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Raising Children as Successful Business Model: Not So Much

Posted May 11 2010 5:59pm

Last night, Guy came over to hang out and finish up some office and legal work while I wrangled the kids through dinner and homework. We didn’t say one word to one another for four hours, but it beat the snot out of doing our respective work alone. After the last child was in bed, I flopped down on the couch and said, “Anyone who complains about having to do homework with just one child, in front of me, will be shot.”

He replied, “I notice you spend a lot of time convincing the children to do their homework.” Read: “As a manager, you task your workforce and set expectations to perform.” He didn’t actually say that, but that is what I heard. Granted, he runs a global sales, marketing, and manufacturing operation, and was knee-deep in pivot tables at the time. But I still didn’t let it go until… um, just now, I guess.

“Please. Until you have done it, don’t imagine that it can be done so efficiently. I may spend a lot of time talking them through it, joking, cajoling, and reminding them to stay on task, but what they see and hear is that their mom is right there, paying attention and available to help if needed. Also, she loves them.” He apologized profusely for offending, assuring me that he sees all the effort and time and love that goes into it, and the exponential payback in character development and school performance. Also, comedic timing. I can’t begin to tell you how many times my eldest muttered, “That’s what she said.” during Math and Response to Literature.

It reminded me of a piece I wrote four years ago for when I was still an executive and embedded in a continuous-improvement, optimal-budgeting environment that clashed mightily with what awaited me at home every night. I remember that my parent co-workers found it much funnier than my boss did.

Youth Manager Position

Job Description: Responsible for managing mostly small humans (1 to 10 at a time) within the constraints of scope, quality, time, and cost, and working within established Child Protective Service policies and guidelines, to nurture and groom offspring for acceptance in society at large. Also, anything else the wind might blow your way.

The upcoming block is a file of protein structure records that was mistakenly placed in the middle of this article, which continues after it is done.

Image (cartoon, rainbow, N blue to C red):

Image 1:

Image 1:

Primary Duties:

  • Work directly with the child, family, and the Holy Spirit in hopes that expectations are real and clear to all family members, and education and social objectives are being met within the constraints of the space-time continuum and according to the laws of physics.
  • Report on progress of physical, emotional, psychological and Disney-fetish development, forecast maturation, manage practically-impossible-to-nail-down details of the transfer of charges from one place to another, including communication, assembly and delivery of Superego, and documentation and coordination of end-user interface. Ability to mind-read and teleport a must.
  • Oversee resource allocation and task delegation for all family members, and ensure timely and accurate assessment of task participation to avoid tearful accusations of being SO, SO, SO UNFAIR.
  • Complete all tasks within budget and time projections no matter how many hours you must “forget” to sleep. Emotional compensation will be provided in lieu of actual monetary remuneration, provided you supply it yourself and do it in private.
  • Participate as a member of the family, providing suggestions, feedback, and requests from individuals to the group and to other mommy friends while having no illusions about the amount of control you have (none) and responsibility you carry (all).
  • Keep abreast of and share issues with reference to your family and social obligations. Do not under any circumstances become familiar with how “others” do things or how “they” might inform your practices. La la la la la, I can’t hear you.

Position Requirements:

  • Three to five years zoo-keeping experience
  • One of Hermione Granger’s time-fixey-thingies
  • Formal child development education and/or progress toward certification of competence (provided this takes place solely in your head and does not disturb other moms; they are very busy finding their own way, blindfolded and handcuffed, through a minefield in a blinding snowstorm. Barefoot.)
  • Good knowledge of toilet “learning” and hygiene implementation practices and better knowledge of psychological manipulation practices
  • Experience managing budgets, schedules and resources (must be fluent in Classroom Flyer Analysis, Newsletter Decoding, Non-vocal Communication, Armenian, and Klingon)
  • Track record for managing projects on-time, in-scope and within-budget without laughing
  • Must be goal-oriented, have good discipline, and be able to keep family members motivated to tackle days one at a time, with medication if necessary
  • Must enjoy a fast-paced dynamic culture with challenges, opportunity and excellent benefits, masochism, humiliation, confusion, and making breakfast for everyone you hope to avoid until school lets out
  • Excellent written and verbal communication skills. Telepathy and Omniscience a plus.
  • Excellent analytical, troubleshooting and problem solving skills. You’ll need them.
  • Highly motivated, organized and success-oriented. Also, crazy.

Being a mom offers:

To apply, please send your resume and cover letter explaining how your background could possible match and prepare you for the job requirements to

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